(Photo by Ralph Preston)
Cowee-West's Mill National Register Historic District:
The Cowee-West's Mill National Register Historic District is among the richest in the
nation. In the mid-18th century Cowee and the Little Tennessee River Valley was the
central stage on which would determine the future of two nations. Cherokee and
American. The 370 acres in this historic district contain thousands of years of history
and continues to resonate in the spiritual life of the Cherokees.

Cowee was the principal diplomatic and commercial center of the 18th century Middle
Town Cherokees. Occupying the center of Cowee was the ancient mound on which
stood the council house which seated several hundred people. From there, houses
lined both banks of the Little Tennessee River and plantations of corn, beans, squash
and peaches extended out for two miles in all directions. A smaller Cherokee village,
Usinah, was located at the eastern end of the historic district.

In the final action of the Cherokee wars, as the 1759-61 conflict was called, a
british-led army destroyed Cowee and Usinah. Colonial soldier Frances Marion (later
of Swamp Fox fame) described the "cruel work" of the army. The Cherokee made
peace with the British and Cowee was rebuilt only to become the target , in September
of 1776, of the first military campaign of the American Revolution in the South. The
decisive "Indian War" of 1776 was even more brutal as thousands of poorly governed
troops from North Carolina, South Carolina, and Virginia, launched a preemptive,
scorched-earth attack on Cowee and surrounding towns. With Cherokee defeat, a
feared Cherokee-British-Slave alliance was defused, and the Revolutionary War began
in full. Later, the colonial armies which marched on Cowee formed the core of that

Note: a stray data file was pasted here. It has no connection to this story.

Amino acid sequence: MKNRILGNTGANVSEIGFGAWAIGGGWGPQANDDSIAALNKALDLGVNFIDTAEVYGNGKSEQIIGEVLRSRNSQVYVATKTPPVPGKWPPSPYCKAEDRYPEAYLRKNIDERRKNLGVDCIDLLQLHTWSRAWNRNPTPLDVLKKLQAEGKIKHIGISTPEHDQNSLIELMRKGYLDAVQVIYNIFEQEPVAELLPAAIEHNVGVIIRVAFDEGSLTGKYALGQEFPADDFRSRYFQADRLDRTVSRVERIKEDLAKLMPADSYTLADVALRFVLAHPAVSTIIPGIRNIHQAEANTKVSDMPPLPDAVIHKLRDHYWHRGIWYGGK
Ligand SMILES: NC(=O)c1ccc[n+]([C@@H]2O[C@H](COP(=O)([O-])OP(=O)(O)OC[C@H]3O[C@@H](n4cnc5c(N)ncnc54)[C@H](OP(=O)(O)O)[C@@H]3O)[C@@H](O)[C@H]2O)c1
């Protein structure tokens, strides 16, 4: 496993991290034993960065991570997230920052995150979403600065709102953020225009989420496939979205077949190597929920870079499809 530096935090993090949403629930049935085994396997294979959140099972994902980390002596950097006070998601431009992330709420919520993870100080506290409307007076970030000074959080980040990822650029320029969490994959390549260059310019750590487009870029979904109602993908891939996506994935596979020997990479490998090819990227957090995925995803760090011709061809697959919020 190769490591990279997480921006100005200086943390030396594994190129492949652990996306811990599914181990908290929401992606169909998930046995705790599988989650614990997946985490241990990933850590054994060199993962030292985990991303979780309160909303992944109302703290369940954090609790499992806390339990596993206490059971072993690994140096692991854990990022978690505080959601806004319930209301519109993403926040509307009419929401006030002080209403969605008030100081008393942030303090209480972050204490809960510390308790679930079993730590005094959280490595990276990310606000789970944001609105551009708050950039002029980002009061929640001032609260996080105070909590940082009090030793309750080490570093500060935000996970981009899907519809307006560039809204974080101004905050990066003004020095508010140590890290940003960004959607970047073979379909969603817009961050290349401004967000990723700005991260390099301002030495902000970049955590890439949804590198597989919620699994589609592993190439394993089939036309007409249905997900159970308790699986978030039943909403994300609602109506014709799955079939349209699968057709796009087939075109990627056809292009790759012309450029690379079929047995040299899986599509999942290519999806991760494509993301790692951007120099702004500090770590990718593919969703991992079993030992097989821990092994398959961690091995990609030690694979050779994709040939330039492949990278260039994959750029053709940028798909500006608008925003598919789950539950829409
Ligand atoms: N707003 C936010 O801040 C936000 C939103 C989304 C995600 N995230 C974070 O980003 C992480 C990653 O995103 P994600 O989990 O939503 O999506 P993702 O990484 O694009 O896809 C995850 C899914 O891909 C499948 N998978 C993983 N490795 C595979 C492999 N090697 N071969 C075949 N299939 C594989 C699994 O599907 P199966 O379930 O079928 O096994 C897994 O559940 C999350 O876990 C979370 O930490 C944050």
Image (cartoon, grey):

which defeated the British at Kings Mountain and Cowpens in 1780, turning the tide to
victory in the American Revolution against the British Crown and their native allies. War
with the Cherokees would continue well into the 1790s, but the "Seeds of Removal"
were sown in 1776 in the ancient fields of Cowee.

When Cowee became part of the State of North Carolina in 1819, many Cherokee
sought title to their land in one last effort to hold their homeland and their sacred
places. While most were forcibly removed on the "Trail of Tears" in 1838, some of the
"Citizen Cherokee" of Cowee formed the Eastern Band of the Cherokee Nation.

Movement into the area increased around 1820 when William West took title to the
land along Cowee Creek. West's Mill was named for the grist mill built by the West
family. Stores, schools, churches, and a post office were built during the 19th and early
20th century many of which still stand today.

At the time of the American Civil War, Cowee was home to both free blacks and slaves,
and in the census of 1900 Cowee had the largest rural, black community in NC west of
the Balsam Mountains. African American history can still be traced to the small
Pleasant Hill AME Church & Cemetery in the northeast corner of the historic district.

West's Mill thrived through the first half of the 20th century, with most residents farming,
mining, or logging. During the Great Depression a Civilian Conservation Corps (CCC)
camp was located in West's Mill with men working to restore newly-constituted
National Forest lands. In the 1940's, the Art-Deco influenced Cowee School was built
of local stone on the CCC camp site, under the Work Projects Administration (WPA).
The school opened to students in 1943.

Historic West's Mill Self Guided Driving Tour Map
Cowee History:        
Cowee Community Development Organization

"This settlement is esteemed the capital town; it is situated on the bases of the
hills on both sides of the river, near to it's bank, and there terminates the great
vale of Cowe, exhibiting one of the most charming natural mountainous
landscapes perhaps anywhere to be seen"           
From William Bartram's Journal, May 1775

With man-made structures dating back 1,400 years, Cowee is more than just a
significant historical area. Cowee mound, built circa 600 A.D., before the Cherokee
Period, is one of the few remaining earthen mounds. There are two archeological
sites along the west bank of the Little Tennessee River where prehistoric ceramics
were collected. The ceramics, collected in 1965, are now at the University of North
Carolina in Chapel Hill.
"Cow on a Hot Tin Roof"
or so it appears on the roof
of the  Bryson Homestead
located in the Historic District
Cowee Mound built circa 600 A.D.
(Photo by Ralph Preston)
Photo by Greg Moberg
New Cowee Entry Sign
Hwy 28 Scenic